Mother of Four Survives Bear Attack During Family Hike
At the beginning of the Cookseys’ hike in Douthat State Park, earlier this month, the family joked about using a...
At the beginning of the Cookseys’ hike in Douthat State Park, earlier this month, the family joked about using a warning signal if they spotted a bear. But there wasn’t time for a warning when, an hour into the outing, a 150-pound female black bear charged Laurie Cooksey, 52, and her son Ellis, 19, as they rounded a bend ahead of Laurie’s other children, Hannah, 16, and Blake, 22, as People reports.
Unable to attempt scaring off the animal, the pair ran. “If we were on flat ground, the bear would have had the upper hand,” Ellis said, “so we flung ourselves down the mountain. I thought we were going to die.”
The bear soon caught up with them and bit Laurie behind the knee. At that point, she had no choice but to kick and punch the animal. “I didn’t have a plan when it bit me,” she said. “It was adrenaline.”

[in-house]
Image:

The force of the kick thrust the bear backward, giving Laurie and Ellis another chance to run and warn the others farther down the trail. At first, the other children thought their mom’s cries for help were in jest. But as soon as Blake saw the blood and the bear, he knew what to do thanks to his affinity for survival television shows. He started yelling, jumping, and throwing sticks to frighten and confuse the bear. The strategy worked, and the sow became disinterested in the family and wandered off.
The Cookseys then raced back the four miles to the park entrance. From there, Laurie was taken to a nearby hospital for rabies and tetanus shots. Fortunately, her injuries were minor, requiring only 28 stitches.
In Virginia, black bear attacks aren’t common, according to Jaime Sajecki, of the Virginia Department of Games and Inland Fisheries. Sajecki notes, “We always tell people to never turn your back and run—talk in a loud voice, look big, and stay together in a group. Back away slowly.”
Laurie says this was her first camping trip, and it will definitely be her last.
Park officials note that the bear was killed Sunday morning and is no longer a threat to the public.